To demonstrate that this is more than a paper exercise, organisations will need to follow through by taking remedial actions to mitigate weak spots and invest in capabilities in-house to build and manage supply chain resilience. Creating network flexibility through investments in single- or multi-site production, or through fully owned or contract manufacturing, can help to mitigate lengthy setup times and manage the costs of alternative sourcing.
Manufacturers in Southeast Asia are currently struggling to manage these challenges. For example, The Straits Times reported that the garment industry across the region is running out of woven fabric mainly sourced from China, while facing a fall in orders. As a result, some 60 factories in Cambodia had stopped operating and more than 18,000 workers had been temporarily laid off, according to the country’s prime minister in March. Such situations drive home the importance of scenario planning, which can be aided by emerging technologies, such as digital twin technology that creates a virtual replica of supply chains for
organisations to stress test.
A supply chain with these capability build-outs, coupled with robust risk intelligence monitoring, or what supply chains call control towers, would enable organisations to develop the required rapid response in the next crisis. To be alerted on abnormalities as early as possible, organisations will need to invest in risk monitoring and advanced analytics reporting tools, as well as an early warning system to monitor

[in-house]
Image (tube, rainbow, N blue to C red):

incidents. Also needed is an alternative plan covering operating procedures and responses that will be triggered by disruptions, such as external and internal communication protocols, mobilization of key teams and delegation of authority.
Many organisations may wish that they could turn back the clock to build in resiliency in their supply chains ahead of COVID-19. To be better prepared for what lies ahead, organisations will need to stop delaying and start building resiliency in their supply chains today. This requires development of a rapid response to manage immediate supply chain disruptions, while assessing and plugging the longer-term
The author is EY Global Procurement Capability Leader, Partner, Advisory Services – Supply Chain and Operations, Ernst & Young Advisory Pte. Ltd. The views reflected in this article are the views of the author and do not necessarily reflect the views of the global EY organisation or its member firms.